IntroductionAnalysis of drug concentration in biological samples is an integral part of the drugdevelopment process . Concentration data from biological samples is required to study the absorption, distribution and elimination properties of a new chemical entity and to understand its dose-response relationship in both clinical and non-clinical studies. A clear understanding of pharmacokinetic variability becomes increasingly important in later stages of clinical studies, especially for pivotal bioequivalent studies such as those required for changes in formulation. Unlike a manufacturing process, contamination in an analytical laboratory does not directly impact the product. However, contamination leads to reporting biased results that
impacts the validity of the derived decisions and increases regulatory risk.
Laboratory contamination is defined as an unintended and undesirable transfer of analyte or interfering compounds into an analytical sample or sample extract before or during the analytical process. The following is a short list of the characteristics of laboratory contamination.
- Usually observed as a positive bias.
- Blank, placebo or pre-dose (first dose) has detectable analyte(s).
- Results do not fit the trend of the concentration profile.
- May or may not be detected by standards or quality control samples.
- Contaminated animals or subjects.
- Contamination during sampling at the site.
- Contamination during sampling at laboratory.
- Contamination during analysis.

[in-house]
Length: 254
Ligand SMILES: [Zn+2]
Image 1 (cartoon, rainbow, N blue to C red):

Laboratory contamination during the sample analysis process may be classified into two categories, carryover and cross-contamination. Carryover is the result of transferring an analyte from an earlier sample to later samples, usually due to the sharing of a common
container or transferring device. Carryover is serial in nature and occurs in both sample preparation and the analytical process. Carryover is generally distributed in a narrow zone (Figure 1). The effect of HPLC autosampler carryover may be estimated from the
results of a few samples and that the relative effect of carryover on concentration results may be calculated [6, 7, 8].
Cross-contamination is the transfer of an analyte from a sample to another that is processed with it. Cross-contamination is parallel in nature and may not involve a medium. For a bioanalytical assay, the major sources of cross-contamination are spills, aerosols and drips
during transfer. Because both the occurrence and magnitude are random, cross-contamination is difficult to estimate and manage. The term contamination will be used to describe both carryover and crosscontamination.
Recognize the contamination incidentUnlike accuracy and precision, contamination may not be detectable by the generally accepted QC program, but positive bias in low QC or low standards (more data points exhibit positive bias than negative bias or observation of large positive bias) are clues. A critical review of historical data would give good estimate for contamination potential of a method. If the results justify an investigation, performing experiments to understand the root cause will minimize